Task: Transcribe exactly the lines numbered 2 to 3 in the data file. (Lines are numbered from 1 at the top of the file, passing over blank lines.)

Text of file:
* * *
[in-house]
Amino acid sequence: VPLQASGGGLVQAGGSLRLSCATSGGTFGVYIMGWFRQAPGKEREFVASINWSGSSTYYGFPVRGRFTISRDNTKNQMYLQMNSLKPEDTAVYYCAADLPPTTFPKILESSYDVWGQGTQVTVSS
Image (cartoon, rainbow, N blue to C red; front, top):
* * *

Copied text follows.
Amino acid sequence: VPLQASGGGLVQAGGSLRLSCATSGGTFGVYIMGWFRQAPGKEREFVASINWSGSSTYYGFPVRGRFTISRDNTKNQMYLQMNSLKPEDTAVYYCAADLPPTTFPKILESSYDVWGQGTQVTVSS
Image (cartoon, rainbow, N blue to C red; front, top):